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Do Amniotic Stem Cells Work?

amniotic fluid stem cells pros and cons Amniotic stem cells are a mixture of stem cells that can be extracted from the amniotic fluid and amniotic membrane after a pregnant woman has delivered her baby. The amniotic fluid surrounds the fetus during development in the uterus and it is contained by the amniotic membrane.

Since the amniotic fluid and amniotic membrane are collected after the baby is delivered, as they have usually been discarded in the past, there is no danger to the child when doing so. Therefore, the use of stem cells derived from amniotic tissues is considered to lack the ethical problems associated with the use of stem cells derived from embryos collected after induced abortions.

Stem cells that are derived from tissues such as the amniotic fluid and amniotic membrane, as well as those from the bone marrow, are used in medicine for the following reasons:

  • To help stimulate proteins to reduce the inflammatory process in certain conditions that lead to pain, tissue damage, and disability.
  • Differentiating and developing into tissues of the body such as skin, muscle, cartilage, bone, nerve, and heart and kidney tissue to repair areas damaged by diseases and injuries.

Advantages and disadvantages of amniotic stem cells

Amniotic stem cell pros and cons need to be looked at in order to decide whether using such tissue has benefits that outweigh any risks associated with its administration.

Advantages:

  • The amniotic fluid contains an abundance of mesenchymal stem cells (MSCs) that stem from the fetus.
  • These MSCs have a higher expansion potential than the ones derived from the bone marrow which means that more new tissue cells can be derived from the amniotic fluid.
  • These stem cells have an enhanced stability and plasticity compared to adult stem cells allowing them to develop into healthier cells needed for tissue repair.
  • Amniotic stem cells can be used to reconstruct birth defects such as diaphragmatic hernias in children, as well as repairing a premature amniotic membrane rupture during pregnancy.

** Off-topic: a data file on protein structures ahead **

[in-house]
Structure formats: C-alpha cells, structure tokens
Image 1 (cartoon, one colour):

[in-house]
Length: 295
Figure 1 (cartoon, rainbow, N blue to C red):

• There’s no risk of the patient rejecting the stem cells.
  • The amniotic stem cells contain hyaluronic acid that helps to lubricate the cartilage around joints.

Disadvantages:

  • Amniotic fluid doesn’t contain a lot of embryonic stem cells.
  • If there are pathologies that need to be treated while the mother is still pregnant with the fetus, then an amniocentesis needs to be performed. This is a technique where a needle is inserted into the uterus through the amniotic membrane and amniotic fluid is then collected. This does carry a small risk of causing a spontaneous miscarriage or premature labor.

Efficacy

In one literature review study regarding the most recent progress in stem cell therapies and indications in the specialty of orthopedics, the following observations were made:1

  • Stem cell therapy has been successfully used for managing major orthopedic issues such as bone-joint injuries, ligament-tendon injuries, osteoarthritis-cartilage defects, and femoral head osteonecrosis.
  • Stem cells have been used in bone tissue engineering and were combined with scaffolds to provide better and faster tissue healing.
  • A recommendation was made that more and efficient studies would need to be conducted to evaluate the safety of stem cells.

With that being said, the general consensus looking at patient outcomes is that stem cell therapy is a very safe and effective form of treatment.

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